15.3 Reading the Header


HTTP servers provide a substantial amount of information in the header that precedes each response. For example, here's a typical HTTP header returned by an Apache web server:

 HTTP/1.1 200 OK Date: Mon, 18 Oct 1999 20:06:48 GMT Server: Apache/1.3.4 (Unix) PHP/3.0.6 mod_perl/1.17 Last-Modified: Mon, 18 Oct 1999 12:58:21 GMT ETag: "1e05f2-89bb-380b196d" Accept-Ranges: bytes Content-Length: 35259 Connection: close     Content-Type: text/html 

There's a lot of information there. In general, an HTTP header may include the content type of the requested document, the length of the document in bytes, the character set in which the content is encoded, the date and time, the date the content expires , and the date the content was last modified. However, the information depends on the server; some servers send all this information for each request, others send some information, and a few don't send anything. The methods of this section allow you to query a URLConnection to find out what metadata the server has provided.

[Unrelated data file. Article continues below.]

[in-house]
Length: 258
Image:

Aside from HTTP, very few protocols use MIME headers (and technically speaking, even the HTTP header isn't actually a MIME header; it just looks a lot like one). When writing your own subclass of URLConnection , it is often necessary to override these methods so that they return sensible values. The most important piece of information you may be lacking is the MIME content type. URLConnection provides some utility methods that guess the data's content type based on its filename or the first few bytes of the data itself.

15.3.1 Retrieving Specific Header Fields

The first six methods request specific, particularly common fields from the header. These are:

  • Content-type

  • Content-length

  • Content-encoding

  • Date

  • Last-modified

  • Expires public String getContentType( )

This method returns the MIME content type of the data. It relies on the web server to send a valid content type. (In a later section, we'll see how recalcitrant servers are handled.) It throws no exceptions and returns null if the content type isn't available. text/html will be the most common content type you'll encounter when connecting to web servers. Other commonly used types include text/plain , image/gif , application/xml , and image/jpeg .